Ought is defined as should, expected to or compelled by duty or desire.(verb)
An example of ought is someone feeling like they should take out the garbage, they ought to take out the garbage.
See ought in Webster's New World College Dictionary
Origin: orig., pt. of owe: ME aughte < OE ahte, pp. of agan, owe
Origin: var. of aught
Origin: < (a n)ought
See ought in American Heritage Dictionary 4
Origin: Middle English oughten, to be obliged to
Origin: , from oughte, owned
Origin: , from Old English āhte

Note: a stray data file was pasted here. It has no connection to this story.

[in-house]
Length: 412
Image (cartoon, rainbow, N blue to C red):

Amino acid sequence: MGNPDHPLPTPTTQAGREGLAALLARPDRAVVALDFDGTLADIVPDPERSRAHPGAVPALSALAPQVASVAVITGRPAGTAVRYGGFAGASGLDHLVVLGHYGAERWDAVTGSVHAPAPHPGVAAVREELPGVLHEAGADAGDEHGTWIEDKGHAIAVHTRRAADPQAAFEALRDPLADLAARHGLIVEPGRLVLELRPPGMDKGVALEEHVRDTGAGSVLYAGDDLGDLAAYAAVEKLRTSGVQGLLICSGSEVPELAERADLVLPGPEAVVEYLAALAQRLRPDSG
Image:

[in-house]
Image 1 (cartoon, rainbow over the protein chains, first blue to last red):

Origin: , past tense of āgan, to possess; see aik- in Indo-European roots. Usage Note: Unlike other auxiliary verbs, ought usually takes to with its accompanying verb: We ought to go. Sometimes the accompanying verb is dropped if the meaning is clear: Should we begin soon? Yes, we ought to. In questions and negative sentences, especially those with contractions, to is also sometimes omitted: Oughtn't we be going soon? This omission of to, however, is not common in written English. Like must and auxiliary need, ought to does not change to show past tense: He said we ought to get moving along. • Usages such as He hadn't ought to come and She shouldn't ought to say that are common in many varieties of American English. They should be avoided in written English, however, in favor of the more standard variant ought not to.
pron. & adv.
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